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Be sure the customer tells you your price is high, and not the other way around.
Be sure the customer tells you your price is high, and not the other way around.
January 27, 2016 7:00 AM CST

Sorry Charlie: If you wouldn’t have told me your price was high, you’d have the job

Contractor tip of the month

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Why do contractors bid work, and then slowly sabotage their chances of getting the work by telling the perspective customer, “My price is high, but…?” I have not only made these mistakes myself; it’s the first thing many contractors tell their customers when trying to obtain work.

Several years ago, my equipment company, EZ Grout, sponsored a golf outing to promote our equipment. A well-known contractor and potential new customer asked me for pricing on the mud tubs I had sitting on my truck.

“They are $400 each,” I said. Without saying a word, the contractor put two fingers in the air, and then pointed back at himself, implying that he would take two of them. I was thrilled; it was a sale – good sale – to a good customer. But instead of confirming the order and closing the deal, I fired two torpedoes into it.

My thought process was honorable. I wanted to make him feel good about his purchase. I said, “These mud tubs cost a lot more than the others on the market, but the steel in these is twice as thick.”

I should have recognized the look of reluctance growing in his eyes, but I continued, “It’s worth the extra cost, that’s for sure. They last longer than the competition’s.” My new customer and well-known contractor slowly rolled his two fingers in, and put his hand down by his side.

“Did I just talk him into canceling that order?” I thought to myself. “Or, will he come back and finish the order later today?”

He never asked me for a price comparison to my competitor’s tubs. He simply wanted to purchase two, because my company was sponsoring the outing, he knew me, and liked the looks of the tubs. I should have taken the order and shut up. Then, let him discover the benefits of my mud tubs when he got them on his jobsite. Instead, when I had the opportunity to close the customer, I started talking him out of it.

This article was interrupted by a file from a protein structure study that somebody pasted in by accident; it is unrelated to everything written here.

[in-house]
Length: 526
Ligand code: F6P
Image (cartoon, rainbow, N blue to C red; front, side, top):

Here’s an example of how this self-sabotage goes on all the time in the construction world.

Charlie (that’s what we’ll call the contractor in this article) gives Betty (the customer) a price to do the work on her project. Betty likes Charlie and his price, but the project is still several weeks out with some examination on the total scope of work. So, Betty thanks Charlie and says she will be in touch.

Three days later, Charlie calls to follow up. During their conversation, Charlie spills his guts. Projecting that one of his competitors (who we will refer to as Joe) might outbid him, Charlie tells Betty that his price will be higher than Joe’s. Then, he goes on to explain that it will be worth the higher price, because the quality of work his company does will be superior to Joes.

First of all, Charlie should have qualified the customer. He should have asked what was most important: price, quality, deadline, etc. Beyond not asking those important questions, he made matters worse by projecting his fears and insecurities into the contractor-customer relationship.

Here are the facts: Betty wasn’t even aware that Charlie’s price was so high, until he told her. Fire torpedo No. 1. She now knows the name of a less expensive competitor. Fire torpedo No. 2. While quality and timeline are important, the budget is the general contractor’s primary concern for this project. Fire torpedo No. 3. Grab your life vests fellas, she’s going down.

But wait! There is still life for Charlie. After all, he has only drilled this potential job with three torpedoes, and Betty likes him and the quality of his work. He may still get this job.

A few more days go by. Salivating over this project that he has good money on and that fits into his schedule perfectly, Charlie calls Betty again. “How’s my number? Are we still in the running?” He asks. Betty, smarter now, gives him no information or even a hint on who she plans to use.

Charlie starts talking again. “My price will be higher than Willie’s (another competitor Charlie thinks might be bidding on the job). However, Willie doesn’t always complete his projects on time, and we are always on schedule.” Fire torpedoes No. 4 and 5. Charlie just promoted two competitors for the job who were not even considered, and has told the customer that both of them will do the job at a lesser price. The potential sale is sunk.

When selling, you need to ask questions and then listen to the customer. If you don’t know what he or she wants, ask more questions. Don’t get me wrong: If a customer asks why your price is so high, you should be ready to justify it. But assure the customer tells you your price is high, and not the other way around.


About the Author

Damian Lang is a mason contractor in southeast Ohio and inventor of many labor saving masonry systems and products. Lang has served as the Marketing Committee Chairman for the Mason Contractors Association of America. He is also author of the book Rewarding and Challenging Employees for Profits in Masonry. To network with Damian on contractor tips or tips you have and would like published, contact him at dlang@langmasonry.com or 740-749-3512.

 

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IMS Masonry, Inc.
MCAA member since 1996

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